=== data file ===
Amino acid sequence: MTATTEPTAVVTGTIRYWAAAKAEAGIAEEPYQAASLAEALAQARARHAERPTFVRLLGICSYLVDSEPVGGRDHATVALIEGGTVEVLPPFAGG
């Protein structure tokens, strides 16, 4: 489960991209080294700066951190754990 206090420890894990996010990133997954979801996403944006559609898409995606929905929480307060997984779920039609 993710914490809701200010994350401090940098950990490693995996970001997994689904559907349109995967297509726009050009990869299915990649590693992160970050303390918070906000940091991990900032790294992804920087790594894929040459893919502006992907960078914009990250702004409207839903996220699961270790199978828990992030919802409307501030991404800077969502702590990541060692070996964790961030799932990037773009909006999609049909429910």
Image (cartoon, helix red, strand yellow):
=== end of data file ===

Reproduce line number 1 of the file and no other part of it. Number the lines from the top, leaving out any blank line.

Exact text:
Amino acid sequence: MTATTEPTAVVTGTIRYWAAAKAEAGIAEEPYQAASLAEALAQARARHAERPTFVRLLGICSYLVDSEPVGGRDHATVALIEGGTVEVLPPFAGG